Apr 26, 2011

Seven Wonders of the Ancient World - Part Three

The Statue of Zeus at Olympia

When the Temple of Zeus was completed at Olympia in 456 B.C., it was considered too simple to be worthy of the king of the gods. A statue of Zeus was commissioned from a sculpture named Phidias, already famous for his forty-foot high statue of the goddess Athena. It took him 12 years but the project was completed by 435 B.C.

The figure's skin was composed of ivory and the beard, hair and robe of gold. Construction was by a technique known as chryselephantine where gold-plated bronze and ivory sections were attached to a wooden frame. Because the weather in Olympia was so damp, the statue required care so that the humidity would not crack the ivory. It is said that for centuries the decedents of Phidias held the responsibility for this maintenance. To keep it in good shape the statue was constantly treated with olive oil kept in a special reservoir in the floor of the temple that also served as a reflecting pool. Light reflected off the pool from the doorway may also have had the effect of illuminating the statue.

Besides the statue, there was little inside the temple. The Greeks preferred the interior of their shrines to be simple. The seated statue was 12 meters (43 feet) tall, and occupied half of the width of the aisle of the temple built to house it. "It seems that if Zeus were to stand up," the geographer Strabo noted early in the 1st century BC, "he would unroof the temple."

The statue was made of ivory, a symbol of the Greeks' reverence for the king of the gods. The throne on which Zeus sat was made of cedarwood and was inlaid with ebony, ivory, gold, and jewels. Zeus held in his left hand a shining sceptre, on top of which an eagle perched, ready to take off at any moment and do the god's bidding. In Zeus's left hand rested a statue of goddess of victory Nike.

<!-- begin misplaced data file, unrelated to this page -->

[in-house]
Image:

No copy in marble or bronze has survived, though there are recognizable but approximate versions on coins of nearby Elis and on Roman coins give researchers clues about its appearance.

Plutarch, in his Life of the Roman general Aemilius Paulus, records that the victor over Macedon, when he beheld the statue, “was moved to his soul, as if he had seen the god in person,” while the 1st century AD Greek orator Dio Chrysostom declared that a single glimpse of the statue would make a man forget all his earthly troubles.

The statue of Zeus lasted as an inspiration to and destination for thousands for many years. It resisted many attempts to usurp its authority in the eyes of its visitors.

The Roman Emperor Caligula decreed that all such statues of gods were to be brought to Rome so that the heads could be removed and his own put in their place. The scaffolding attached to the statue collapsed, accompanied by, according to legend, a loud laughing noise. The temple and statue survived earthquakes and other natural disasters until it was uprooted and carted off to Constantinople, in A.D. 394. It is believed that the remains of the statue were destroyed by a fire that swept the city in 475 A.D.

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